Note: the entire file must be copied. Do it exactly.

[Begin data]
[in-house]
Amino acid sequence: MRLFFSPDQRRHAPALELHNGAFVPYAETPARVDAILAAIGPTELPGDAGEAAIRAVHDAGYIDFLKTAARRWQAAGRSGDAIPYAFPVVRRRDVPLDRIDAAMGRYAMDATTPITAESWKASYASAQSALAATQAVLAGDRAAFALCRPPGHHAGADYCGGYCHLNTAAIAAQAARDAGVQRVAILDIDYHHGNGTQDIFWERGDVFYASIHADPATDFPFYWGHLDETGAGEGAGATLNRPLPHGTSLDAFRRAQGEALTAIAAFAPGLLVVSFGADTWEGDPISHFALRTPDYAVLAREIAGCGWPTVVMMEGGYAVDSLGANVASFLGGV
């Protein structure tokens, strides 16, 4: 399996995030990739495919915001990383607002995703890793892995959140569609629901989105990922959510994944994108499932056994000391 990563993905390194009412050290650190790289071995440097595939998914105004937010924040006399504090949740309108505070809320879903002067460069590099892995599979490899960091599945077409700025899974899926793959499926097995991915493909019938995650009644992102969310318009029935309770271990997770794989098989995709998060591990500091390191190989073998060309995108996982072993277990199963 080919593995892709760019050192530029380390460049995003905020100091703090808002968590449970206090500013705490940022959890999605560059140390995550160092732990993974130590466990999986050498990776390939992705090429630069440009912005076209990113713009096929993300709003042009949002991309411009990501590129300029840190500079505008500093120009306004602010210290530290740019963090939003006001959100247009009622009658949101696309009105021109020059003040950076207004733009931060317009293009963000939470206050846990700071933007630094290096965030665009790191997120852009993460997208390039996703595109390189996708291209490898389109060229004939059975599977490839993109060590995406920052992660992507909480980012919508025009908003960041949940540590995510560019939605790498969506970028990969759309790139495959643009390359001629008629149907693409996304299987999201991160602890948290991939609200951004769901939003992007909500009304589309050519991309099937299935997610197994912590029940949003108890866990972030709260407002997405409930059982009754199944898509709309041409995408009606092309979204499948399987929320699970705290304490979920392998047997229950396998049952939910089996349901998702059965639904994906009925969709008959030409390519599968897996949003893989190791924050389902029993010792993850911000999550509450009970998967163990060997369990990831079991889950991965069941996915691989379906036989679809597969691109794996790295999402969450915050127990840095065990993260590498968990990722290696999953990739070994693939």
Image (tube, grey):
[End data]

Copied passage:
[in-house]
Amino acid sequence: MRLFFSPDQRRHAPALELHNGAFVPYAETPARVDAILAAIGPTELPGDAGEAAIRAVHDAGYIDFLKTAARRWQAAGRSGDAIPYAFPVVRRRDVPLDRIDAAMGRYAMDATTPITAESWKASYASAQSALAATQAVLAGDRAAFALCRPPGHHAGADYCGGYCHLNTAAIAAQAARDAGVQRVAILDIDYHHGNGTQDIFWERGDVFYASIHADPATDFPFYWGHLDETGAGEGAGATLNRPLPHGTSLDAFRRAQGEALTAIAAFAPGLLVVSFGADTWEGDPISHFALRTPDYAVLAREIAGCGWPTVVMMEGGYAVDSLGANVASFLGGV
């Protein structure tokens, strides 16, 4: 399996995030990739495919915001990383607002995703890793892995959140569609629901989105990922959510994944994108499932056994000391 990563993905390194009412050290650190790289071995440097595939998914105004937010924040006399504090949740309108505070809320879903002067460069590099892995599979490899960091599945077409700025899974899926793959499926097995991915493909019938995650009644992102969310318009029935309770271990997770794989098989995709998060591990500091390191190989073998060309995108996982072993277990199963 080919593995892709760019050192530029380390460049995003905020100091703090808002968590449970206090500013705490940022959890999605560059140390995550160092732990993974130590466990999986050498990776390939992705090429630069440009912005076209990113713009096929993300709003042009949002991309411009990501590129300029840190500079505008500093120009306004602010210290530290740019963090939003006001959100247009009622009658949101696309009105021109020059003040950076207004733009931060317009293009963000939470206050846990700071933007630094290096965030665009790191997120852009993460997208390039996703595109390189996708291209490898389109060229004939059975599977490839993109060590995406920052992660992507909480980012919508025009908003960041949940540590995510560019939605790498969506970028990969759309790139495959643009390359001629008629149907693409996304299987999201991160602890948290991939609200951004769901939003992007909500009304589309050519991309099937299935997610197994912590029940949003108890866990972030709260407002997405409930059982009754199944898509709309041409995408009606092309979204499948399987929320699970705290304490979920392998047997229950396998049952939910089996349901998702059965639904994906009925969709008959030409390519599968897996949003893989190791924050389902029993010792993850911000999550509450009970998967163990060997369990990831079991889950991965069941996915691989379906036989679809597969691109794996790295999402969450915050127990840095065990993260590498968990990722290696999953990739070994693939």
Image (tube, grey):